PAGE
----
Responses to questions submitted by the National Association for Gun Rights
by Paul Glover, 2014 Green Party candidate for Pennsylvania governor
Question #1: You ask whether I would favor the right of law-abiding citizens to carry firearms concealed for self-defense. I would neither promote nor veto Constitutional Carry.
Guns are for feeding the family, defending the home, and defending the Constitution of the United States through well-ordered militia.
Guns are not for swaggering, sport killing, noisemaking, or enforcing drug deals. While I respect the fear many have of random street violence, I believe that guns should be kept home except for target practice, or until hunting season, or unavoidable rebellion.
My father was a champion skeet shooter, a goose hunter, and gun collector who kept his guns home. He exemplified the best of gun ownership.
Such values should be enforced not by government but taught by powerful associations of responsible Second Amendment advocates. Ultimately, gun rights will be secured by aggressive promotion of gun ethics, even more than by opposition to gun laws. Without such voluntary standards, support for Second Amendment rights fades.
As owners of lethal force, gun owners have special moral obligations to train one another to defend all civil liberties, especially the right to dissent. Without such training, responsible gun owners would end up shooting each other during civil upheaval, just like urban youth do.
Question #2: I would sign legislation overruling federal gun controls within Pennsylvania. At this point in our nations history, I trust the federal government even less than I trust unruly citizens. If guns are outlawed only the government will have guns, and that makes tyranny certain. President Nixon once considered imposing martial law to stifle protest, until reminded by Kissinger that the American people will not tolerate martial law, and the American people are armed.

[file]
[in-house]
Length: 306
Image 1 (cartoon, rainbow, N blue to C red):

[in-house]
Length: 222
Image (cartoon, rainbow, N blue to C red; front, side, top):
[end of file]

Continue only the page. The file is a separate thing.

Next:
Further, I would bring the National Guard home from foreign invasions, while inviting them to be responsible gun owners, and training them to respect the Constitution. Otherwise, no amount of privately-owned firepower can outgun government.
And I would end the militarization of police forces. When government and bankers must defend themselves against angry citizens with tanks and lethal crowd control they have lost legitimacy. Even though being a cop can be tough dangerous work, especially in our large cities, I would expect police chiefs to hire college graduates trained in nonviolent conflict resolution, plus respect for religious/racial differences and civil liberties.
Question #3: You ask whether I favor limiting the number of cartridges one firearm can hold at any given time, saying that this is like limiting the number of words a journalist is allowed to print. Journalists do have word limits, according to the category of article submitted. I favor limiting the number of cartridges for semiautomatic weapons.
Question #4: Straw purchases must be contained, otherwise the existing permit system is meaningless. I also favor limiting bulk purchase of guns. A case study of firearms trafficking by one Mexican cartel found that, during a 15-month period, the cartel purchased 336 firearms, including 251 long guns, and all but one of those firearms was purchased from U.S. gun dealers as part of a multiple sale.
Question #5: No one, whether law-abiding or not, should be allowed into elementary schools with semiautomatic weapons. One they get in, even if teachers are armed, kids could be killed in crossfire.
My highest priority as governor would be to stimulate a just and safe society, where guns are less needed for protection, by developing job programs that employ everyone rebuilding our cities and suburbs toward energy efficiency. Such jobs reduce our dependence on foreign oil or fracking, while cutting the costs of heating, housing and eating. I have written the book Green Jobs Philly, describing how this can be done without raising total taxes.
People who are employed and respected less often steal or shoot. People who live in such societies are less threatened by random violence. Their children are safer, too.